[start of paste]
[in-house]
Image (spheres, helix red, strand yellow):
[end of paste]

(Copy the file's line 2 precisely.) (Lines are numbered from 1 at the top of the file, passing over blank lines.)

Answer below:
Image (spheres, helix red, strand yellow):